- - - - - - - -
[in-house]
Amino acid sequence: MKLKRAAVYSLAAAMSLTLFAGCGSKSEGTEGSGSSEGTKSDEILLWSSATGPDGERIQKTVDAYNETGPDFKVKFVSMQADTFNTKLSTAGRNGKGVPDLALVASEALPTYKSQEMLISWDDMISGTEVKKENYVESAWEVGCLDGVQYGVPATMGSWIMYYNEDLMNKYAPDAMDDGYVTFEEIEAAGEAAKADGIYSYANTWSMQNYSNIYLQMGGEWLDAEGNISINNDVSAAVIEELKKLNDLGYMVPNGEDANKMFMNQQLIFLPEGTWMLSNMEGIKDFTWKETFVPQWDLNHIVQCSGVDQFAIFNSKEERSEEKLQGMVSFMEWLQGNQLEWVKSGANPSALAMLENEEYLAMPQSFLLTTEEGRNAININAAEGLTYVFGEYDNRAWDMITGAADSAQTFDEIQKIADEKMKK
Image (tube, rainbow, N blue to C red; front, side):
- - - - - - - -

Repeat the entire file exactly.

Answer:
[in-house]
Amino acid sequence: MKLKRAAVYSLAAAMSLTLFAGCGSKSEGTEGSGSSEGTKSDEILLWSSATGPDGERIQKTVDAYNETGPDFKVKFVSMQADTFNTKLSTAGRNGKGVPDLALVASEALPTYKSQEMLISWDDMISGTEVKKENYVESAWEVGCLDGVQYGVPATMGSWIMYYNEDLMNKYAPDAMDDGYVTFEEIEAAGEAAKADGIYSYANTWSMQNYSNIYLQMGGEWLDAEGNISINNDVSAAVIEELKKLNDLGYMVPNGEDANKMFMNQQLIFLPEGTWMLSNMEGIKDFTWKETFVPQWDLNHIVQCSGVDQFAIFNSKEERSEEKLQGMVSFMEWLQGNQLEWVKSGANPSALAMLENEEYLAMPQSFLLTTEEGRNAININAAEGLTYVFGEYDNRAWDMITGAADSAQTFDEIQKIADEKMKK
Image (tube, rainbow, N blue to C red; front, side):